The EU has confirmed a bailout of Spain’s banks.(Dominique Faget/AFP/Getty Images)
The EU has confirmed a bailout of Spain’s banks.
(Dominique Faget/AFP/Getty Images)

Euro Crisis: Spain Down, Italy Next?

June 13, 2012  •  From theTrumpet.com
What really happened with the Spanish bailout, and what does it mean for Europe?
 

European Union finance ministers agreed to loan Spain €100 billion to bail out its banks on June 9. But they haven’t agreed where the money will come from or what the conditions will be, meaning Spain is still vulnerable and may take Italy down with it.

JP Morgan has predicted that Spain will need €350 billion. The €100 billion doesn’t come close to fixing Spain’s problems.

This bailout covers Spain’s banks, but not its regions. Like several U.S. states, the regions are heavily indebted and may need bailing out by the federal government—which would in turn need cash from Europe.

The bailout itself also threatens to make Spain’s situation even worse. The money won’t be going straight from Brussels to Spain’s banks. Instead, the Spanish government will borrow the money and then loan it to the banks. This means the bailout will add to Spain’s sovereign debt—not a good idea when you’re in a sovereign debt crisis.

Italy Next?

Twenty-two percent of Spain’s bailout cash is meant to come from Italy. As the Telegraph’s Ambrose Evans-Pritchard writes, “You could hardly design a surer way to pull Italy into the fire.”

“The world is uncomfortably close to a 1931 moment,” he writes. “Italy’s public debt is the world’s third largest after the U.S. and Japan at €1.9 trillion.”

He notes that Citigroup warned: “We expect that Italy will have to request help.”

This would cause a huge problem for the eurozone. Each month, Italy needs to borrow €35 billion—more than the annual output of Cyprus’s entire economy.

Spain’s deal could also cause problems in Greece and Ireland. Although the details aren’t ironed out yet, Spanish leaders are claiming that they got a better deal than any of the other bailed-out countries. Naturally, other bailout recipients are jealous. Ireland is demanding it get the same terms, retroactively. Greece’s political parties are holding the deal up as evidence that if they refuse austerity, Europe will offer them a better deal. Given the fact that Greece’s economic survival is now in the hands of four “Holy Roman” technocrats, that is a vain hope indeed.

Bailout Already a Mess

Europe has two mechanisms in place to bail out Spain. Both have their own problems, and both are made up largely of iou notes from the EU. With governments reluctant to pay up, converting the ious into cash will be tricky.

To complicate matters further, if the temporary bailout mechanism known as the European Financial Stability Facility (efsf) is used, Finland wants collateral for its money. The same demand lengthened the negotiations for the Greek bailout.

The fund designed to replace the efsf, known as the European Stability Mechanism (esm), has bigger problems though. The German parliament has not ratified it, and opposition parties are threatening to block it.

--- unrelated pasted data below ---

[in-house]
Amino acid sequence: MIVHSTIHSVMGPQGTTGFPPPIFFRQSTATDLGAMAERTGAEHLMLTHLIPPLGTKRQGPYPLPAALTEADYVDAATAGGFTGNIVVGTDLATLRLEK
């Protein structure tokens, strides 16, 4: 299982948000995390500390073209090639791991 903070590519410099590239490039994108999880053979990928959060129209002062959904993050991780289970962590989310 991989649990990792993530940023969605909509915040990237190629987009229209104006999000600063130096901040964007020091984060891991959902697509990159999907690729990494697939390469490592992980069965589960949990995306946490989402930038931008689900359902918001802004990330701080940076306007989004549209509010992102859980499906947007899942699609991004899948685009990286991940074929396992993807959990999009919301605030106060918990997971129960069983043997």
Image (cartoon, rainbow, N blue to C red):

The decision over which of the two funds to use may seem technical and academic. But for Spain it is vital—the two funds have an important difference. If the esm loans you money, one of the conditions is that if you run into trouble, the money you owe the esm must be paid back first, before you pay back anyone else. In practice, this means that if the esm lends a country money, other people are less willing to lend to it. It’s a bigger risk—if things go wrong, the esm will be paid back first and other creditors could be left with nothing.

If the esm is used to bail out Spain, the odds are that Spain will struggle to raise money from private lenders, making it even more dependent on Europe.

The Final Solution

The whole situation is already messy and fraught with problems. But one thing is clear: This weekend’s bailout has fixed nothing. The euro crisis will continue to get worse. But now Spain has fallen, it has entered a more dangerous phase. The money spent on Greece and Ireland is pocket change compared to the money Spain, Italy and even France may need.

As for the outcome, Lord Tebbit, former Conservative Party chairman and cabinet minister, summed up the goal of the euro project nicely on June 11:

Monetary union requires fiscal union which in turn requires political union. I believe that our masters in Brussels have known all along that the peoples of Europe would not willingly accept political union. Instead they created the euro knowing that it would, sooner or later, cause a crisis of the sort necessary to force through a fiscal union and in turn lead to a political union and the founding of the European Republic.

Germany is intent on leading this new superpower. We have often highlighted the fact that German elites did indeed construct the eurozone to enable the very crisis that has placed Germany in the dominant position to dictate terms on its solution. That solution will end with an imperialist Berlin/Rome axis controlling Europe, all according to the Bible prophecies that forecast it millennia ago.